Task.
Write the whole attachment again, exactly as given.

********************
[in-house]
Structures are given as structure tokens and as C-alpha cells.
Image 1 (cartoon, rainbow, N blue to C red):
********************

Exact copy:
[in-house]
Structures are given as structure tokens and as C-alpha cells.
Image 1 (cartoon, rainbow, N blue to C red):